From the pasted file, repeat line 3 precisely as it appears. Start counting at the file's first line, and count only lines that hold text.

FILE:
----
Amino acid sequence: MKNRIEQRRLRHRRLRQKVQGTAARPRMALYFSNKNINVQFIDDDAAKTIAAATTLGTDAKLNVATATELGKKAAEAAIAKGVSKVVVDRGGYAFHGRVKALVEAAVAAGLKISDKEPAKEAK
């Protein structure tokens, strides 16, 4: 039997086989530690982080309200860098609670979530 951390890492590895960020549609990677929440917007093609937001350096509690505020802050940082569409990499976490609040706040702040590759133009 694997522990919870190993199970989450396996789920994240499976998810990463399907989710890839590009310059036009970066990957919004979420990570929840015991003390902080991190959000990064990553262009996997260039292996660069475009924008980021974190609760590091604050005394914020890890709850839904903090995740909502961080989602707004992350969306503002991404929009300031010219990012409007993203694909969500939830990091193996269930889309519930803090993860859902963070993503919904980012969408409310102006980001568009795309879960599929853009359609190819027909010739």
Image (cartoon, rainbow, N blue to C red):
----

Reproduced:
Image (cartoon, rainbow, N blue to C red):